7. Do you think Podcasts have to potential to replace terrestrial radio? If so, what do think the timeline would be for that?

As for podcasts (And all new media for that matter) it will have the opportunity to make some of the mainstream forms of media potentially become less relevant with time. The only way in the future mainstream is going to be able to keep up with Indie Media and the like is if they adapt to where the people are going to these days. And more and more of them with time are getting their basics (News, Weather, Entertainment) in rapidly growing numbers from Podcasts,Blogs,Videos, And Social Networking sites.

8. What do you do when your not running Post It Cast?

When I’m not looking up or working on content for the Post It Cast, I like to play Xbox with the kids, sing, And visit places historic and Amusement Parks. When I have the opportunity, I like to Storm Chase for Tornadoes as well.

9. Do you have a favorite song of all time that you’ve played on your Podcast?

Again a tough one there. I would say my all time favorite song I have heard in Podcasting would have to be Blown Away By Munk

10. If your Podcast could cover just one artist, who would it be?

Mainstream Artist: Air Supply, Elton John, Gaither Vocal Band. Indie: Karmyn Tyler, Munk, Jeanette Parasadanian to name just a few :)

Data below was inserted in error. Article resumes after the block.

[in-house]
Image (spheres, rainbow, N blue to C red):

11. Between blogs, podcasts and internet radio stations, do you believe one source of media is more influential than the others? Why?

I believe all of those working in concert together are essential. They both can have their own advantages, but after a while if you only stick to using one of those forms of media, you can become irrelevant really fast.

12. What do you think makes your podcast stand out from all the others?

I believe my podcast (And all the media tied to it) is different simply from the fact that I put my own perspective on things. People commonly are surprised just how many different things in this world I can become interested in and I want to share those with as many people as possible for as long as I can :)


New Media Pioneer: Tony Peters of Icon Fetch


Veteran DJ Tony Peters has been interviewing musicians for over 20 years. His official site (www.iconfetch.com) has become a great resource for info on the Legends of Music: album reviews, concert dates, CD release dates and more.

1. Where do you get all of your live music information that you put on your calendar?

Concert dates come from artists’ personal websites and Ticketmaster.com, where I have an affiliate account.

2. Where do you get your “This Day In History” information?

I have a database that I’ve worked on ever since high school that has tons of dates in it. I usually consult that and find the most interesting item for a particular day.

3. Do you pick your LP of the day based on how you are feeling that day or is it automated?

It depends. Sometimes, I pick my LP based on who I’m interviewing that week. Other times I’ll pick something to help balance out the site. For instance, if I have several unknown artists featured, I may pick a well-known LP, just to give the page some familiarity to it. Still other
times, I do just set it on random.

4. How do you get in touch with your featured musicians?